Paradise Lost: the Camden Children’s Garden faces dissolution by the State


Volunteers prep a Camden community garden built by the CCGC for harvest.

Jack Braunstein ('13), Eastside Editor-in-Cheif

Mike Devlin, as usual, is dressed in green—a Children’s Garden sweatshirt unzipped over a weathered plaid button-up. He has a compact frame, with a slight hunch.

“It’s stressful, and it’s a tremendous waste of time,” he says, grimacing.

At the Camden City Children’s Garden, there is hardly time to waste: opened to the public in July of 1999, the 4.5 acre space has served as both an outdoor center for recreation and environmental education geared toward local youth, and the nucleus for the operations of the Camden City Garden Club, which coordinates an expansive network of community gardening operations throughout the city. According to Devlin, founder and director of the Children’s Garden, the Garden transplants over 200,000 productive vegetable plants to 26 acres of urban farmland across the city, also providing seed, organic fertilizer, fencing and, perhaps most importantly, a system of support and advice for the city’s amateur gardening community. Established in 120 of Camden’s 12,000 vacant lots, these volunteer operated gardens are growing more than flowers: a 2011 study by the University of Pennsylvania suggests that the Camden City Garden Club is producing and distributing over two million dollars worth of food each year; the study also shows that that food is serving over 12 percent of Camden’s population.

“We’re dealing with the food crisis in a very large way,” said Devlin, proudly citing the two-page spread celebrating the Club in Michelle Obama’s American Grown.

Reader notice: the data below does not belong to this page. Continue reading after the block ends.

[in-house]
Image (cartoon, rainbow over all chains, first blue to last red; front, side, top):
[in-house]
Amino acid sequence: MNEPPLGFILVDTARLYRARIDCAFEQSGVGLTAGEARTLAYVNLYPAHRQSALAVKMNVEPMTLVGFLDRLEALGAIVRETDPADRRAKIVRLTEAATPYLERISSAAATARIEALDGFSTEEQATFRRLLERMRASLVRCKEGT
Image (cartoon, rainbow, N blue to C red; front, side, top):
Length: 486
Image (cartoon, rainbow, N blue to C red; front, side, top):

“Most community gardens, if they’re very good, address one to two percent of the population in a city—they don’t get up to twelve. We’re probably the fastest growing community garden program in America.”

Devlin leads me out the office door, bracing himself for a moment against the bitter wind rolling off the Delaware. After about twenty feet, he approaches the ridged green wall of the building, and points.

“The partition is- somewhere in here,” he says. The wind is unrelenting. We enter the gift-shop, blissfully warm and quiet after only a few minutes in the gale outside. Beyond a reception desk and a rack of stickers and plushes shaped like flowers, sits a sizable open space that Mike informs me is used as a training area for youths and new gardeners to become farmers under a USDA grant. Moving towards the door again, he points to a hand-painted structure the size of a large outhouse: it’s their produce shed, another product of USDA grant money and local labor, complete with an underground cooling space that allows them to put on a farmer’s market outside the colorful steel gates 24 weekends a year.

As we walk back outside, a family of wind chimes hanging above the door quivers and sings in the gale. After walking a few yards over the enormous, gaudy violets emblazoned on the ground of the main plaza, Mike stops. Looking frustrated, almost desperate, he again motions back toward the office.

“They wanna cut up another fence over there, and take it all away,” he says.

            On January 14, 2012, the State Department of Treasury sent a letter notifying the Children’s Garden that, in order to “enhance the economic development potential” of the waterfront property currently home to the Garden, the CCGC must liquidate their 4.5 acre operation by the end of March, save for the administrative office, two greenhouses, and the three meter path separating it from the nine-car maintenance parking lot. The land would allegedly be occupied by Herschend Family Entertainment, the multi-million dollar amusement park corporation that runs the Adventure Aquarium.